First Time Parents Listen Up

Today’s Prompt: Advice for first time parents.

Your Aunt M and Uncle M are about to have a baby girl, currently called “Lady G.” As a gift to them I am taking my post and my fellow bloggers posts on this topic and making a book for Aunt M for her shower.

My advice is practical and is one I hope to give both your one day when you make me a Grandma.

Before baby arrives

  • Go to the movies
  • Go out to dinner
  • Sleep SUPER late at least one day before baby arrives (you will remember that day for at least 4 years but I suspect much longer)
  • Start before the baby is born to think about how what you are doing now will be different when baby arrives. The point of this is not to be a depressing excercise but rather one that makes you excited and less surprised when she does come

At the hospital

  • Let the baby sleep in the nursery. Do not be a hero you have weeks (a lifetime) to bond, you must rest for thousands of VERY important reasons. They will bring the baby in to you when she needs to be fed you will miss out on nothing. I promise.
  • You will freak out before you bring the baby home (both Mom and Dad). At some point you will realized you have a baby to take care of for the rest of their life (or at least till the teenage years when they let you take care of them). Billions upon billions of baby’s have been born and raised without modern day gadgets and have been fine. You are smart enough to handle this and you have a whole family around that will do anything and everything you want them to do. You can and will be able to do this
  • Everyone will see you naked or somewhat compromised (not you Dad… lucky duck!)
  • You only need a car seat and an outfit to get the baby home… really.

At home

  • Ask people to go grocery shopping for you
  • Ask people to make dinner (or take them up on their offers)
  • Sleep as much as you can. There is absolutely no way you will sleep every time the baby sleeps as much as that is sound advice it will NOT happen so do not be disappointed.
  • Tell people when you want them to come over. You do not want people stopping by, be specific “Come by at 11 am she will have eaten but will be awake. She will only be up for an hour though and then I will have to feed her again. We are not that good at feeding so it takes a while so we cannot visit long”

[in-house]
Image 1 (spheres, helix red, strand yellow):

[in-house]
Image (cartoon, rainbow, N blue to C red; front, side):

• People want to see you…opps I meant the baby… badly. This is the beginning of being “Lady G’s Mom”

Nursing

  • Try it for at least 3 weeks by then it gets much easier
  • The benefits of doing it even for 3 days are amazing give it a try
  • Get a lactation consultant. The most expensive one I have ever heard of is $300 for a session it included a lot of one on one attention. You will spend that much in less than 3 weeks of formula so you owe it to both yourselves to do it.
  • Give up with you feel you just cannot do it, if you can make till you go back to work great, even better till she gets to eating solid food after that you have it down pat so just do it till you do not want to
  • At weeks 6 or 7, if you had any antibiotics at birth see your doctor and get checked for thrush it comes fast a furious and hurts. Within hours of taking your first dose of medicine you will be fine. Most American women have antibiotics at birth and most American mothers quit nursing at about 7 weeks (I forget where I read this but I know that the general point is true and I personally had thrush at 7 weeks with both kids).